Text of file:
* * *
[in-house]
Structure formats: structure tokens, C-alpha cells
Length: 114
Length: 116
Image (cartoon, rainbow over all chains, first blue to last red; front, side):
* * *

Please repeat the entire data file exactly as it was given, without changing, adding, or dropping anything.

[in-house]
Structure formats: structure tokens, C-alpha cells
Length: 114
Length: 116
Image (cartoon, rainbow over all chains, first blue to last red; front, side):